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Wyoming Legislature

Lawmakers listen to Gov. Matt Mead’s State of the State address during the joint session of the Wyoming Legislature last January at the Jonah Business Center in Cheyenne. Wyoming's top public defender has asked the Legislature to grant more staff positions.

Wyoming’s Legislature will convene for the 2018 budget session Monday. Lawmakers will have only one month to draft a budget that meets the needs of the state and contends with a still looming $750 million deficit. In that short time, they’ll vote on a number of bills aimed at generating revenue, cutting spending and making long-term plans for Wyoming’s economy.

But this isn’t the first time the Legislature has convened underneath the shadow of such a deficit. Since Wyoming’s fossil fuel industry busted in 2015, state legislators have grappled with ways to address the deficit. And still they’ve done nothing to institute significant change to ensure that Wyoming’s economy will be safe for the long-term. They’ve applied band-aids to stop the bleeding, but they’ve done little to prevent further pain.

Consider what this board wrote this time a year ago, before the Legislature convened for the 2017 session.

The legislative session that starts this week has the potential to shape Wyoming’s future for decades to come.

When lawmakers convene Tuesday in Cheyenne, they will begin to decide how the state will fund its spending on government and education. The situation is dire...

Gaps of this magnitude mean these decisions won’t be easy or simple. But they must be made. Legislators don’t have the luxury of kicking the can down the road — hoping the economy improves or someone else figures it out. Decisions need to be made now so the state never finds itself in the position of having no choices…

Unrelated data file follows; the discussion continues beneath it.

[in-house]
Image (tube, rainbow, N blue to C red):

Wyoming lawmakers were elected to solve the state’s problems, and make no mistake: There are some big problems. The state’s current economic crisis comes as coal, oil and natural gas – which form the backbone of the Wyoming economy and pay the bulk of taxes to fund state government services — find themselves in a prolonged slump. It’s no surprise that the state’s economy was recently ranked last in the nation, partly because of its heavy reliance on energy.

Now is the time to address that. Energy will always be an important part of Wyoming’s economy, but it needs help. The sector supports state spending more than any other. In the face of evolving markets – which cast doubt on energy’s ability to return to its former heights – a rebound in the industry won’t likely be enough to totally solve Wyoming’s woes.

It’s distressing to realize we hardly need to change a word this year.

Legislators seem to have lost whatever momentum they may have had for serious tax reform and economic diversification in the wake of a revenue outlook that has somewhat improved. Instead of making changes to stop Wyoming’s seemingly endless cycle of boom and bust periods, lawmakers seem ready to embrace the status quo. They appear prepared to kick the can down the road once more.

But lawmakers need to get serious about Wyoming’s long-term economic health. Band-aids won’t be enough to stop the bleeding after another bust. This is the session to consider system changes and long-term fixes that could lead to a more consistent future for our state.

The can is at the end of the road.


Opinion Editor

Dallas Bower joined the Star-Tribune copy desk in June 2017. She studied English at the University of Wyoming. Her favorite book is The Sun Also Rises by Ernest Hemingway, or Harry Potter, depending on the day.

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